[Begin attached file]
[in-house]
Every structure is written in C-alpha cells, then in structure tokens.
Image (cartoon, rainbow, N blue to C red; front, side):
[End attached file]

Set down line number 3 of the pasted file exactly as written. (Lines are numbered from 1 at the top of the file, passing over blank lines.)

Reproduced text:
Image (cartoon, rainbow, N blue to C red; front, side):